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I am wondering about an apparent conflict between a call for selfless love topped with a promise of a reward for it. Simply speaking, one is called to behave well (love ones neighbour) out of kindness (certainly not selfishness), but at the same time a reward is promised (those who behave well eventually go to heaven). This seems to entangle selflessless with selfishness in an uncomfortable way.

The following example hopefully illustrates my concern. Suppose I am encouraging my kid to go help a person in need by appealing to the kid's kindness and compassion. But when done with encouraging, I add "by the way, you will get $10 if you help him/her". This seems to defeat the point of the motivation through kindness and selflessness.

In yet other words, I am concerned that on the one hand there is a morality, an ideal that is attractive for a well-wishing person, but the promise of a reward downgrades this to an act of buying and selling (I do this and then you give me that).

Worse yet, the promise of a reward removes the opportunity to choose selflessness over selfishness. There is no longer a choice between behaving selflessly and behaving selfishly because both lead to the same actions in life.

  • I guess this is a well-known topic, sorry if that is a duplicate. Sorry also for being so inarticulate; I have very little experience discussing this topic in English. – Richard Hardy Oct 16 '18 at 19:13
  • This is a win-win situation. I don't see the problem. – 4castle Oct 16 '18 at 23:22
  • @4castle, in a sense it is, but the promise of a reward removes the opportunity to choose selflessness over selfishness. There is no choice between behaving morally and behaving selfishly because both lead to the same choices in life. – Richard Hardy Oct 17 '18 at 5:56
  • You're apparently assuming that one's motivation for choosing an action is irrelevant to whether that action is considered good. Is that the case, and if so, why? – Matt Gutting Oct 17 '18 at 18:27
  • @MattGutting, no, I am not assuming that. Would you then conclude that this implies the paradox is not a paradox? You might be right. In any case, I am just wondering why we have a setup that does not allow for a choice based entirely on moral values because inevitably the choice has a fixed reward. For one, I would put a greater value on a sacrifice that is not rewarded, but such a situation is not allowed for. I would not teach my kid this way (as in the example), I do not think such teaching is morally appealing at all. – Richard Hardy Oct 17 '18 at 18:42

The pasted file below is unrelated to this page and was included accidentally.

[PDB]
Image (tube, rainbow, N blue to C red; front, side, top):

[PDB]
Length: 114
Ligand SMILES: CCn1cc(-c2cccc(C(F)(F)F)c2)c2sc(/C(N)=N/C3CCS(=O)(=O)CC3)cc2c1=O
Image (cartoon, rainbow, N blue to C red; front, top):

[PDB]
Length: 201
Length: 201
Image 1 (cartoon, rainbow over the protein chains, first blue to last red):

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Theologically speaking, through the Holy Spirit we receive the theological virtue of Charity (more commonly called Love), "by which we love God above all things for his own sake, and our neighbor as ourselves for the love of God" (Catechism of the Catholic Church, point 1822).

Point 733 of the Catechism of the Catholic Church states:

"God is Love" and love is his first gift, containing all others. "God's love has been poured into our hearts through the Holy Spirit who has been given to us."

Thus, those who are greatly infused with this virtue will by its sole merits express such love through internal and external acts (minding the issue of sin, temptation, selfishness and other obstacles on the way). Again, God is Love, so receiving God through the Holy Spirit (recall the issue of the Trinity) by definition predisposes our will and soul to love! The reward is a non-issue.

Yet it is true that charity is essential for salvation. Point 837 of the Catechism states:

... Even though incorporated into the Church, one who does not however persevere in charity is not saved. He remains indeed in the bosom of the Church, but 'in body' not 'in heart.'

Saint Paul reminds us (1 Cor 13:1-3):

If I speak in the tongues of men and of angels, but have not love, I am a noisy gong or a clanging cymbal. And if I have prophetic powers, and understand all mysteries and all knowledge, and if I have all faith, so as to remove mountains, but have not love, I am nothing. If I give away all I have, and if I deliver my body to be burned,[a] but have not love, I gain nothing.

Thus, it would have been a bit unfair for Jesus not to let us know that indeed love lead us to heaven. Thus, Jesus is in this sense acknowledging a reality - the means of salvation. He is not suggesting we should love because we would otherwise go to hell. The sole fact that we are made for love is sufficient reason for us to seek the source of this love and make it the aim of our lives.

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    I remember reading once a beautiful text by a saint saying that the love for Jesus/God is so "sweet" (or something like that) that s/he would do so even if there was no heaven. Will try to find it and add it to the answer. – luchonacho Oct 16 '18 at 22:04

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